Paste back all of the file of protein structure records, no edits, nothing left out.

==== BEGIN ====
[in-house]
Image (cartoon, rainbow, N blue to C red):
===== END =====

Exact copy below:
[in-house]
Image (cartoon, rainbow, N blue to C red):